- Disinhibition – doing and saying things without thinking and monitoring the impact.
- Lack of Insight – reduced awareness of ones abilities and limitations.
- Lack Of Initiative And Poor Motivation – Reduced ability to start things off by themselves, and reduced drive to want to achieve something and follow it through.
- Verbal aggression – being verbally or physically aggressive
- Physical aggression
- Risky behaviours – not being aware of personal space and limits – challenging others. Excessive alcholol or illicit drug use.
- Repetitive behaviours – making the same action, statement or asking the same question over and over again
- Low Frustration Tolerance – becoming easily frustrated and angry.
- Socially inappropriate behaviours – not following cultural rules. Refusing to maintain personal hygiene.
- Sexually inappropriate – being sexually inappropriate for instance touching strangers in a sexual way, making sexually suggestive comments,
- Impulsivity – rushing into things without thinking first.
- Wandering – wandering away from people or places. Becoming lost and not able to find your way back.
These outcomes of behaviour vary in degree and may increase with fatigue or with other changes happening in life.
The External Factors
Outside influences (not organic, physical changes) that impact a person’s behaviour
Our behaviour can be affected by many outside influences. Here are broad headings under (another acronym) PEACH to help think about these factors:
Person – Age, Previous injury, Severity of injury, Social, emotional and health issues, Cognitive damage,Social, Cultural, Emotional and Health issues.
Environment – Surroundings, Where a person is living.
Activity – Type of activity, Amount of activity, Appropriateness of type and timing.
Communication – Interpretation of others communication. Ability to make self understood. understanding / Comprehension.
History – Past life. Previous drug / alcohol abuse. Previous behaviour.
The above is based on a technique we developed that can be used in a number of ways (more later): lovingly called ‘PEACH’. Used here it provides a way that may help you to think about the different external influences that can influence behaviour.
A key point to remember is All Behaviour Is A Message. Understanding this can be a key strategy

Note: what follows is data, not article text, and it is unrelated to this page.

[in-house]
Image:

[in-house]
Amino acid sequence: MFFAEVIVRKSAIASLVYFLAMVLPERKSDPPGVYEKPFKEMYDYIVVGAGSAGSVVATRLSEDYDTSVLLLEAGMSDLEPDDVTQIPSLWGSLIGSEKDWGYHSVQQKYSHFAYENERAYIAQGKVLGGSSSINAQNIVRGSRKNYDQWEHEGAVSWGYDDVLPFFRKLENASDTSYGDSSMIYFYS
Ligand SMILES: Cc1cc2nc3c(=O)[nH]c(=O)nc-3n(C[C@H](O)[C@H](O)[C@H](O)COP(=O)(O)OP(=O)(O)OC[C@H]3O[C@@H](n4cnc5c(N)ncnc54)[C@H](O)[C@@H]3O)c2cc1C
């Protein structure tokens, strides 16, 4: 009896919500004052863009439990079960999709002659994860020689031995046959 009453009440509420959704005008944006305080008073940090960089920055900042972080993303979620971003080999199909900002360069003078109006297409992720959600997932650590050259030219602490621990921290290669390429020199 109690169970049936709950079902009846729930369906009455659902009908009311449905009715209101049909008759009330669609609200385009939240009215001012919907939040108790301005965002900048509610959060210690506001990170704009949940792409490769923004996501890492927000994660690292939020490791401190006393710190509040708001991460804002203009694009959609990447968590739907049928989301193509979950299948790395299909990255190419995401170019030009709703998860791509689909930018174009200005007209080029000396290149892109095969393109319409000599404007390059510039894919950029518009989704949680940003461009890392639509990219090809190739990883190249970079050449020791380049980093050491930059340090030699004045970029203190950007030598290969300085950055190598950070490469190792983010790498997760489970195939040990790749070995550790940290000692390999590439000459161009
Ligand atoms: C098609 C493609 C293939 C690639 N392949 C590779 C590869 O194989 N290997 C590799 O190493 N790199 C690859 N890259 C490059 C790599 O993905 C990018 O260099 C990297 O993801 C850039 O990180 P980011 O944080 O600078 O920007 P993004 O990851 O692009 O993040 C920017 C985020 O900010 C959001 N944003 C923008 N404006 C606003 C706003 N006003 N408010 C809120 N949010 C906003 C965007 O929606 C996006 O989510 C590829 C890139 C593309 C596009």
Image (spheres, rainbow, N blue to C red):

– work to find out what the message behind the behaviour is.
What Can You Do About Challenging Behaviour After Brain Injury?
It is helpful to have a framework for developing strategies, a framework that helps a consistent, respectful, personal approach:
A strategy for sudden or crisis behaviour situations
A checklist such as ACORN can be helpful when you need to respond to out of the ordinary or sudden behaviour change. Being:
And a longer term, planned response:
The What Model and Challenging Behaviour After Brain Injury:
A model we developed to help look at behaviour in a planned and consistent way is the WHAT model.
Simplified here are the three steps to work through:
WHAT is the behaviour? And what do you want the behaviour to be?
WHAT is the message? What happens before, during and after the behaviour?
WHAT can be done? What are the best strategies? What worked?
Step1 What is the behaviour to work on changing?
Selecting the specific behaviour the person is most committed to changing and will make the most difference.
Step2 What is the message?
Detailed analysis of why the behaviour might be happening. Looking at WHAT leads up to the behaviour occurring.
Step3 What can be done?
In consultation with everyone involved identify the range of strategies that might be useful and carefully examining what would likely be the most effective.
Once implemented review how it is working. An ongoing review of how the strategy is progressing. Identifying any changes in the number or severity of the behaviour occurring. Adjusting strategies where necessary.
There are a few more WHAT’s and working detail in the full model – this is broad overview with more to come.
Or you can EMAIL ME HERE for more information.
As I said at the beginning this is a brief overview to the huge and complex topic of challenging behaviour after brain injury. There will be many more words devoted to the topic.
Meantime if you are aware of any resources, or you have any questions or comments please Email me or share in the comments below.